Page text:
Tonawanda News — Irritation
It’s not often that someone from out of the Tonawandas writes to refute what’s in this column. But Christian Riso, assistant superintendent of government programs for the Diocese of Buffalo took exception to my columns about busing students from North Tonawanda to St. Francis School in the City of Tonawanda.
Riso’s said that “it would seem that the problem is not the lack of a Catholic school in the Tonawandas, but the refusal of the public school boards in the Twin Cities to extend busing to Catholic school students beyond city lines. I would imagine that the good citizens of these cities should petition the civic community to provide busing in the same way that the surrounding public school districts do, so that children can attend a Catholic elementary school beyond the city line. Although the Tonawandas are not prohibited by state law from extending busing, they have chosen not to do so, and the parents, who are taxpayers and help fund public education, and who feel they have no choice in education, should be looking at those boards to vent their frustration.”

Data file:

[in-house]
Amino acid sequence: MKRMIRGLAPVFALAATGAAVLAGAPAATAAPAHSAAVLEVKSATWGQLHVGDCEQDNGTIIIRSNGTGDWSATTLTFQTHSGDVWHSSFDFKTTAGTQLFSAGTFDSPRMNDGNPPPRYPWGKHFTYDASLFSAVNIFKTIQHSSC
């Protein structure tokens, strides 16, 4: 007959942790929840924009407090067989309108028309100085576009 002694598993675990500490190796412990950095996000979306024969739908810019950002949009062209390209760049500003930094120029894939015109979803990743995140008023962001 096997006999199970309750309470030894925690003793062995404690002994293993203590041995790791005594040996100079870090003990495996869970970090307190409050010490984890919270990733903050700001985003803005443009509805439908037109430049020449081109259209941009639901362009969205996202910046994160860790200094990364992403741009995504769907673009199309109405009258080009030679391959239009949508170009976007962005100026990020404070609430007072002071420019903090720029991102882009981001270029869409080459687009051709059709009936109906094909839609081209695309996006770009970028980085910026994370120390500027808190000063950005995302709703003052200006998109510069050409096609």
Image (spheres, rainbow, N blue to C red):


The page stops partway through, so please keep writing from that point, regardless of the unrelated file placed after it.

Too bad Mr. Riso didn’t research NT’s out of district busing policy because, if he had, he would have seen the following NT policy. It reads:
“Resident students who attend private or parochial schools outside the District and desire District transportation to and from those schools must request such transportation by April 1 of the school year preceding the transportation need. In such cases, the District will provide NFTA bus passes.”
Now, isn’t that a good idea? Can’t you just see the young students (Pre-K to eighth-grade) waiting for an NFTA bus at 7 a.m. by themselves and then riding that bus with strangers to Tonawanda, be dropped off on Niagara Street (formerly “the circle”) and then walking by themselves to the school on Adam Street? Has Christian Riso ever been to NT or even ridden a bus? Wonder if Mr. Riso has ever been to North Tonawanda or, has ever had his children (if he has any) ride an NFTA bus to school.